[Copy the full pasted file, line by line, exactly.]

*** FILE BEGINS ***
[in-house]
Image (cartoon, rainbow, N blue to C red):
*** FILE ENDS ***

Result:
[in-house]
Image (cartoon, rainbow, N blue to C red):